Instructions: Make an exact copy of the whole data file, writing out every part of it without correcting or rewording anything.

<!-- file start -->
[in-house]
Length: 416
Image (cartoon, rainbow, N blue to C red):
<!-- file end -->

[in-house]
Length: 416
Image (cartoon, rainbow, N blue to C red):